4 Ways to Save for Retirement Using a Self-Directed IRA

What Investors Should Know about Different Self-Directed Retirement Accounts

Many investors know that there are a wide variety of retirement investments available to them. But when it comes time to choose an account, they might not always know the full slate of options they can choose from. That’s particularly true with Self-Directed IRA investing, in which investors can place a wide variety of investments into their Retirement Accounts. But even before that happens, investors have to answer a fundamental question: which Self-Directed IRA account is right for them?

Here at American IRA, we feature a list of the different Self-Directed IRA accounts available. Let’s briefly look through them, with a quick summary of why investors might choose one in particular:

  • Self-Directed Traditional IRA: This is the oldest retirement plan out there, at least in the United States. Any individual who has earned income and wants to set aside some of their money for retirement on a tax-deferred basis can use a Self-Directed Traditional IRA. You can also keep making contributions until the age of 72, at which point it becomes required to begin taking distributions and paying taxes on the income received from the IRA.
  • Self-Directed Roth IRA: Investors who want to pay taxes upfront use the Self-Directed Roth IRA. This requires certain conditions, including earned income. Contributions can be made to a Self-Directed Roth IRA even after retirement age, because the taxes on this money are paid via the income tax; this is why contributions to a Roth IRA are not tax-deductible. These accounts are ideal for people who believe they’ll have more money upon reaching retirement age and want to front-load their tax burden. By using a Roth IRA, the profits from investments grow tax-free.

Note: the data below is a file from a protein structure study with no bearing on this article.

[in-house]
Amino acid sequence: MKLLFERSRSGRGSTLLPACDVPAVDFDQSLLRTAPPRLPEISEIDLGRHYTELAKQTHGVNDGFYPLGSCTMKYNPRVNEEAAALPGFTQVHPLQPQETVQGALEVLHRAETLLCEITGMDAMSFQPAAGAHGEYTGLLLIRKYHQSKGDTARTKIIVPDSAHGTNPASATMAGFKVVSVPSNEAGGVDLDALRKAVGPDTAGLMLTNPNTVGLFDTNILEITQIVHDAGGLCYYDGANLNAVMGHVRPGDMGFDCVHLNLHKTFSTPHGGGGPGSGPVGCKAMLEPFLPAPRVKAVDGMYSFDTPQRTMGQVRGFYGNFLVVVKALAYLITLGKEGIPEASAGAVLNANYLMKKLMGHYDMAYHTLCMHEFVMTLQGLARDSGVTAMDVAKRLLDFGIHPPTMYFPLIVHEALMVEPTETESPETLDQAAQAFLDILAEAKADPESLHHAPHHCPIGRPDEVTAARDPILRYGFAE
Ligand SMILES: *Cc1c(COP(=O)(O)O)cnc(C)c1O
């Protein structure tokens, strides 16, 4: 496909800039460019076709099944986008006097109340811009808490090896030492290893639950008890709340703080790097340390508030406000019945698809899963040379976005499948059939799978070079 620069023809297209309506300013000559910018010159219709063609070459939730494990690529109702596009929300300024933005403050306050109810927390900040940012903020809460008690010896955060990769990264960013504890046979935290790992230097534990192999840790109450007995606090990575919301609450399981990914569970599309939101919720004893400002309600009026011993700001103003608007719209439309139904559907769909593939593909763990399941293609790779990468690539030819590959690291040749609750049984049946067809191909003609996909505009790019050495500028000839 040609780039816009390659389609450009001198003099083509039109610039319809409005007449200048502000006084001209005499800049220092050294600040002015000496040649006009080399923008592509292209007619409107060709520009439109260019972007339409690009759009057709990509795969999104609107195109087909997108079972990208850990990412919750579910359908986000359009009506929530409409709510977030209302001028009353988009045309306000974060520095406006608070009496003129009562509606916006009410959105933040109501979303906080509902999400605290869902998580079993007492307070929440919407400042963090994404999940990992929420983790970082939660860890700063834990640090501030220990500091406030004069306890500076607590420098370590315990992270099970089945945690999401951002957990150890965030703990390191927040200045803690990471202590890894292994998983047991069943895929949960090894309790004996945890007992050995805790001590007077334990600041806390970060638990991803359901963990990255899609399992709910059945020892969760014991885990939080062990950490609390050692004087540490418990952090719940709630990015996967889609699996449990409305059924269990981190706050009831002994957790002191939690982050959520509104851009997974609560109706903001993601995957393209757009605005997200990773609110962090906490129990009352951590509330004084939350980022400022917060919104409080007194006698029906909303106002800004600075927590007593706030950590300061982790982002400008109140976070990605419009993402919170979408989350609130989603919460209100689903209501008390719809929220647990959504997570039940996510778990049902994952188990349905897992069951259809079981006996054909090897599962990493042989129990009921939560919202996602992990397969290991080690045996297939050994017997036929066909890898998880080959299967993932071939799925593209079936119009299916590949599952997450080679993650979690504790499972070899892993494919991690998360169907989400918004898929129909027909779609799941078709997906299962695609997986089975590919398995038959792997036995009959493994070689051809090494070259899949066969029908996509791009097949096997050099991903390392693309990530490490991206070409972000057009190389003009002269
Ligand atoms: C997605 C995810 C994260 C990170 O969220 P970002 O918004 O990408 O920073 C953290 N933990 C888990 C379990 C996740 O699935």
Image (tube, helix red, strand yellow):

• Self-Directed SEP IRA: A Self-Directed SEP plan, or simplified employee pension plan, is a way for employers to make contributions to employees’ retirement. This may also be a self-employment possibility for investors who want to put money aside with higher contribution limits, but it will require that the investor have self-employment income.
  • Self-Directed Solo 401(k): The Self-Directed Solo 401(k) plan is IRS approved as a 401(k) plan, designed for self-employed LLCs, sole proprietors, or even people who self-employ through a corporation. The individual can make contributions both as the employee and the employer, which results in high contribution limits available on the account.
  • Self-Directed SIMPLE IRA: The Self-Directed SIMPLE IRA is an efficient way for a small employer and even a self-employed individual to set up a retirement plan. It’s typically for companies up to 99 employees, which keeps its scope limited, but can be very efficient for small companies who don’t anticipate growing beyond that number.
  • Self-Directed HSA: The Self-Directed Health Savings Account is a tax-exempt trust or custodial account that an individual can set up with an HSA trustee to pay/reimburse medical expenses that you might occur, provided these expenses are valid.

When you know the options on the table, it becomes much easier to see a way forward to retirement, even if you’re not experienced with retirement investing. Some investors may also carry multiple types of the accounts above; however, it’s worth noting that contributions may be limited. For example, the contributions to an IRA are capped no matter how many different IRAs you use; you can’t open new IRAs to get around these rules, as the contributions will be noted on your tax return.

Interested in learning more about Self-Directed IRAs?  Contact American IRA, LLC at 866-7500-IRA (472) for a free consultation.  Download our free guides or visit us online at www.AmericanIRA.com.